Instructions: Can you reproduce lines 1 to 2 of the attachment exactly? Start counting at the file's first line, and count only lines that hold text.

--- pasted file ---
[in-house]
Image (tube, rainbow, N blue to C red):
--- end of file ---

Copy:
[in-house]
Image (tube, rainbow, N blue to C red):